Even if those clamoring for an end to the lockdown get their way over the next month or so, businesses will be opening their doors to a world filled with understandably frightened people. How much economic activity are we likely to see in July 2020 in comparison to the previous July? How many people will be planning vacations? Or shopping for clothes? Or going out to restaurants and bars? Or attending sporting events or concerts? How many people will be making big-ticket purchases for cars or homes when there's so much epidemiological and economic uncertainty about the future? Add in the 26 million people (so far) who have lost their jobs and therefore their capacity to spend and we're left with an incredibly bleak view of the near-term economic future.
Beyond that lies a fall when universities, their students, and the parents of those students will have to make a series of wrenching decisions. Should colleges open and run the risk of widespread outbreaks on campus? Or should they instead continue with the online instruction they attempted this spring? This would force students and parents to decide if virtual learning is worth the exorbitant cost of tuition. Unless, of course, schools that can afford to do so cut the price, which could well drive many smaller, more vulnerable schools out of business, decimating the commercial activity that helps to make college towns such desirable places to live and work.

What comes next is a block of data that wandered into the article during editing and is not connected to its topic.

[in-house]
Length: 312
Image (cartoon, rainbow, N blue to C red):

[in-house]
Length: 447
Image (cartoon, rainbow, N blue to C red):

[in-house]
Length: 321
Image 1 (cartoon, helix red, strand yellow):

Pick your industry and follow the carnage. And note that very little of it is a function of government-mandated restrictions. People stopped going to restaurants before shelter-in-place orders really kicked in. They aren't going to return en masse to those and other businesses just because state governments and slick advertisements encourage it. Yes, an economy in which shopping is possible will be marginally better than the locked down one we have now. But it will be crippled in comparison to a baseline of three months ago.
That's the way our future looks without the comforts and consolations of optimism. If I'm wrong and the virus fades quickly over the coming weeks, allowing the economy to bounce back strongly over the summer and next fall, maybe the comparative cheer of the CBO report will be warranted. In that case, I will be thrilled to admit my mistake and vow to keep better faith with my more optimistic countrymen going forward.
But if I'm right, it's America's deeply engrained optimism that is going to be tested, and tested severely, over the coming months and years.